Socialist Realism and The Danger Of Thinking


Tamara and I went to see the Revolution: Russian Art 1917-1932 exhibition at the Royal Academy. We learned that Lenin viewed culture as a stepping stone to the Communist State. When that was achieved, art would have no function and it would be removed ‘snip, snip’ as he described it.

Stalin allowed only Socialist Realism in art. That is art that could be understood by the most uneducated of workers.

The narrator described how Stalin disliked Avante Garde art because its message was unclear.

And suddenly I understood it. Art that has a message that is unclear requires that the viewer makes an attempt to understand it. The viewer has to think – and that is what Stalin did not want. Because of course, once people think, they are wild cards – unfathomable and unreachable.

And of course I understood why the Nazis banned what they described as decadent art – for the same reason. Previously I had thought it was because its themes were racy or against the stereotype of the Germanic ideal. But the reason was more basic; that people might think. And thinking carries all kinds of dangers.

Poster For Sale

We saw a poster from the exhibition for sale. The image at the top of this post is a snippet from the poster. The full image shows that giant carrying a red banner, marching inexorably towards Revolution while the masses march and run to defeat the Bourgoisie, the Church, the old State.

We were both attracted to the graphic of the image but we both also thought that the violent scene was one we didn’t want to live with. We came together at one point to talk about buying the poster and it struck me how wonderful it was that we had both independently concluded that we didn’t want to buy it.


This article originally published on NoMorePencils under the same title.

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5 thoughts on “Socialist Realism and The Danger Of Thinking

  1. Joan E. Miller

    To remove art, or make it somehow illegal, is to completely dehumanize human beings. Humans have been drawing and painting for thousands of years – petroglyphs, cave paintings, etc. It’s ludicrous to think that a political force could prevent humans from being human. The same with laughter, singing, dancing. These are all innately human. Obviously, when a tyrant is trying to control everything, removing these human urges is on the priority list.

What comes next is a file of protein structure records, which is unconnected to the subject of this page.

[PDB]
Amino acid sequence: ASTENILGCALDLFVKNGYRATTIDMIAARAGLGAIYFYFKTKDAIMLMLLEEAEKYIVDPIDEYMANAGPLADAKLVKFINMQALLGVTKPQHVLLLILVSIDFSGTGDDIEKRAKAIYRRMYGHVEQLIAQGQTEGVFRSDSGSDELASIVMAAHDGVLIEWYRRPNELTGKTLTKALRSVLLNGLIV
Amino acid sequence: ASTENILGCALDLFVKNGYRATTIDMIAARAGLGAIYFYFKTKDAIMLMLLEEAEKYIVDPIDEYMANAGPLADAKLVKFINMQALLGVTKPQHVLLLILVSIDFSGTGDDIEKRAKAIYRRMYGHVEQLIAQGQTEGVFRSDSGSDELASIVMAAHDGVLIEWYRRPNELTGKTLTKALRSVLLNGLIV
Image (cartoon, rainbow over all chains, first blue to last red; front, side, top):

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    1. Yes, absolutely. It was only very recently that I saw how essential it is to being human. I mean, that knowledge bit extra deep on me. And in some people it seems not to bite at all – hence environmental destruction, cruelty to animals and people and so on.

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      1. And little uglinesses too. Big box architecture in the name of cheap produce. Huge parking lots with no trees. “Instant” everything. So much of human living is art, really … even preparing a meal and serving it around a table where the family comes together for conversation. In your response to my comment, David, you talk of “massaging into inanity”, and that’s so exactly right – because instant is easy, and so is cheap, which is soothing and comfortable, which can be a massage.

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  2. I’m often frustrated by how hard it can be to get people to stop and think about an idea that’s foreign or even new to them. (I’m sure I get stuck in the same way, but the times I’m aware of it are when other people are the ones not doing the thinking.) It seems to me that pretty much everything in modern life is geared toward limiting thinking – philosophy captured in memes, soundbite-based journalism, the insistent pressure to identify with this or that tribe.

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